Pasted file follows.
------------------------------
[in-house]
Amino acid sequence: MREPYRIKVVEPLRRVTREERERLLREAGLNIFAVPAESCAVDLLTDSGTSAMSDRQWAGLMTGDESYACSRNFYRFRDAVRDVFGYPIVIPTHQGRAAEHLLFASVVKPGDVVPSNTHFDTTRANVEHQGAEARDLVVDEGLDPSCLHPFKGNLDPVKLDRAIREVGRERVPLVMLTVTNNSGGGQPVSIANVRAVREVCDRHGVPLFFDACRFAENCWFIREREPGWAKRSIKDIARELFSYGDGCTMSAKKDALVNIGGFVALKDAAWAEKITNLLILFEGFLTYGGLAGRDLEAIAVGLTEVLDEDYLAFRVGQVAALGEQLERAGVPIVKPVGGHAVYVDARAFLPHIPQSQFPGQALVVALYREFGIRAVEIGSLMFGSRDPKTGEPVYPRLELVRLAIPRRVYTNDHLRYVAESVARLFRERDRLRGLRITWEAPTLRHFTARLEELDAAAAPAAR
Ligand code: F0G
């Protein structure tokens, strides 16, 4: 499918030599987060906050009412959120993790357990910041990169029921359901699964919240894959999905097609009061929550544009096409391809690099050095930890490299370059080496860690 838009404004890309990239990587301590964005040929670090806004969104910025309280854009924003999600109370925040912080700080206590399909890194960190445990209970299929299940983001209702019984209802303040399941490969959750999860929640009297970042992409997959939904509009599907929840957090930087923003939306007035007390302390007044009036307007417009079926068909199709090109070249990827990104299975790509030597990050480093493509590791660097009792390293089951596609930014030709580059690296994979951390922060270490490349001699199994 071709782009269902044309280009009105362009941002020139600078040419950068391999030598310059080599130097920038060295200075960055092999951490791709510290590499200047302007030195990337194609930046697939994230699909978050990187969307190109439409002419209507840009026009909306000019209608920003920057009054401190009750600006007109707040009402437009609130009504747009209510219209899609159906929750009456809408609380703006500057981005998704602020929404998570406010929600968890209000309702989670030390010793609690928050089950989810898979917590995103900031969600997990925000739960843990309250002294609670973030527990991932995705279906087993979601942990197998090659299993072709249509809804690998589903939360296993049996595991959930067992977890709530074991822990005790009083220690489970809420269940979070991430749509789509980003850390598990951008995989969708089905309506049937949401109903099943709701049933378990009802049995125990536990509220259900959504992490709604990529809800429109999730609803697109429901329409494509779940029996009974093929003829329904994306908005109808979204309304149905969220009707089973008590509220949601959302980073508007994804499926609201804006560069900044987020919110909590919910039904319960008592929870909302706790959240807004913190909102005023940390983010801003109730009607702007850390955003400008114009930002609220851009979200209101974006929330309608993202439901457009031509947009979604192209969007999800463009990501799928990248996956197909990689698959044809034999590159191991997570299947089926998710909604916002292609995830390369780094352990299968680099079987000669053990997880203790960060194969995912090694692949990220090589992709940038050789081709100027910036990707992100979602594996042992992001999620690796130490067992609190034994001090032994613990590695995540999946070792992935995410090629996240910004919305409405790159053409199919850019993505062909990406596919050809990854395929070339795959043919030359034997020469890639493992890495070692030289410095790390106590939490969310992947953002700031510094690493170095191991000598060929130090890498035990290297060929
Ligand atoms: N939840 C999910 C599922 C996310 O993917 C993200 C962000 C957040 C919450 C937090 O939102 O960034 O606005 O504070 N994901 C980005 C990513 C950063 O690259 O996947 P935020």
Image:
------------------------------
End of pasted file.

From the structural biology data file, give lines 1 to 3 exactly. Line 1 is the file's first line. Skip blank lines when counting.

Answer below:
[in-house]
Amino acid sequence: MREPYRIKVVEPLRRVTREERERLLREAGLNIFAVPAESCAVDLLTDSGTSAMSDRQWAGLMTGDESYACSRNFYRFRDAVRDVFGYPIVIPTHQGRAAEHLLFASVVKPGDVVPSNTHFDTTRANVEHQGAEARDLVVDEGLDPSCLHPFKGNLDPVKLDRAIREVGRERVPLVMLTVTNNSGGGQPVSIANVRAVREVCDRHGVPLFFDACRFAENCWFIREREPGWAKRSIKDIARELFSYGDGCTMSAKKDALVNIGGFVALKDAAWAEKITNLLILFEGFLTYGGLAGRDLEAIAVGLTEVLDEDYLAFRVGQVAALGEQLERAGVPIVKPVGGHAVYVDARAFLPHIPQSQFPGQALVVALYREFGIRAVEIGSLMFGSRDPKTGEPVYPRLELVRLAIPRRVYTNDHLRYVAESVARLFRERDRLRGLRITWEAPTLRHFTARLEELDAAAAPAAR
Ligand code: F0G